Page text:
Making bacteria work to produce biofuels

The latest innovative method to produce biofuels (at least that we know about) has arrived with bacteria. A group of UCLA scientists have manipulated a set of Eschericha coli bacteria with genetic engineering so it produces isobutanol from glucose. The technique manipulates the E. Coli's metabolic mechanisms to increase its 2-Keto Acid production levels. This component is key to synthesize isobutanol.

UCLA's Shota Atsumi, Taizo Hanai and James C. Liao state, "Compared to traditional biofuels such as ethanol, complex alcohols such as butanol or isobutanol offer serious advantages as gasoline substitutes, because of their high energy content and low humidity absorption levels."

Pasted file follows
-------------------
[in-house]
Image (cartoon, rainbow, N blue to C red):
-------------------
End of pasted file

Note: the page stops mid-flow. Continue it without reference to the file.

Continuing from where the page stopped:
Natural microorganisms can, indeed, produce amounts of complex alcohols. Using the genetic engineering techniques, researchers got bacteria producing them, but it wasn't a simple or cheap method to develop. Besides the E. Coli, the team expects to work with less harmful bacteria, such as Saccharomyces cerevisiae.


[Source: El PaĆ­s]

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